Neuromuscular reeducation is a general term that refers to techniques that attempt to retrain the neuromuscular system to function properly. The basis of this idea is that the formation of certain patterns of communication between muscles and nerves allow people to perform simple everyday acts such as climbing stairs. These normal patterns of movement can be disrupted by injuries or may be impaired in people with certain medical conditions. The general aim is either to re-establish normal patterns of movement in injured people or to create normal patterns of movement in disabled people, by practicing a variety of exercises.
People with specific injuries or challenges often seek out these techniques. This may include people who have experienced fractures or muscle tears or people with conditions like arthritis or cerebral palsy. Healthy people who want to improve their overall balance, strength, or flexibility, such as professional dancers or athletes, may also seek out certain forms of these therapies.
At its most basic, neuromuscular reeducation is very similar to types of physical therapy and may involve many of the same techniques to promote healing. This can include one-legged standing exercises with specific vibration, to improve balance, strengthening exercises that target a specific area of the body, or stretching routines to increase both flexibility and range of motion in an injured limb. Therapeutic massage may also be a part of these therapies.
Some practitioners believe that an important part of injury healing is the removal of fibrous adhesions, which are thought to arise within injured areas of muscles or connective tissue and involve the overgrowth of fibrous tissue over the site of injury. These areas are the body’s way of protecting the tissue from further injury, but they are thought to result in impaired range of motion, decreased flexibility, and eventually the weakening of nearby muscle. A popular form of neuromuscular reeducation that focuses on the release of these fibrous adhesions is myofascial release.
Neuromuscular reeducation exercises can help you achieve a variety of goals, which include improving balance, coordination, posture and proprioception. Proprioception is your sense of the relative position of different body parts. Injuries, repetitive use, poor posture and unhealthy biomechanics can make your movement patters become inefficient. The broad goal of neuromuscular reeducation exercises involves restoring a natural mind-body connection by coordinating your mental perception with physical behavior.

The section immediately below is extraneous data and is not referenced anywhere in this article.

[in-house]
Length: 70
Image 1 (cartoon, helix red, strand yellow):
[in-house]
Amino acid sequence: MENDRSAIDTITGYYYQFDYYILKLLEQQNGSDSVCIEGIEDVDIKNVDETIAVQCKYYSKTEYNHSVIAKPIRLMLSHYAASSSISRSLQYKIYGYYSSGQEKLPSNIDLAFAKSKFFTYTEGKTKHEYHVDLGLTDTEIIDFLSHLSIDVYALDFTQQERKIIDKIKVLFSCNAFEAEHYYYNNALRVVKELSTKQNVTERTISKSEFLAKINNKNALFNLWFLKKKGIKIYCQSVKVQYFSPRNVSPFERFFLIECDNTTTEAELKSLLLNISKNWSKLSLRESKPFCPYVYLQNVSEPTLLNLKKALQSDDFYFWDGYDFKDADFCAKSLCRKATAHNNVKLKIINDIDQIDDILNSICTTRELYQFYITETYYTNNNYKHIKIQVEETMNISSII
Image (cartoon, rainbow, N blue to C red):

Neuromuscular reeducation exercises can help improve persistent poor posture, which can contribute to repetitive strain injuries. Individuals with poor circulation and emotional stress may also benefit from neuromuscular reeducation exercises.
Neuromuscular reeducation exercises include a variety of functional strengthening, stretching, balancing and coordination activities. Practitioners that administer these exercises encourage patients to focus on joint positioning and movement. The key to many neuromuscular reeducation exercises is maintaining balance while performing specified movements. For example, pelvic tilt exercises introduce you to proper pelvis positioning, and then may encourage you to maintain the tilt while moving your legs. Unilateral balancing exercises help you establish a proper pelvic tilt while balancing on one foot. A variety of stretching and bending movements on an exercise ball also have neuromuscular applications. Exercises while creating specific vibration can cause innervation of the cerebellum and be beneficial in neuromuscular re-education.
Once the nerve-muscle connection is corrected and the muscles are strong and balanced, the doctor will determine the optimum frequency to wear your weights to properly maintain the correction you will have diligently worked to achieve. This may be as little as one 10-20 minute session all week. This is tailored to your specific lifestyle and needs so if you have questions, please speak with the doctor.